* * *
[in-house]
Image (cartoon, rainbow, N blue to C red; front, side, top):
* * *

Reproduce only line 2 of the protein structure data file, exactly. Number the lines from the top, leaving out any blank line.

Image (cartoon, rainbow, N blue to C red; front, side, top):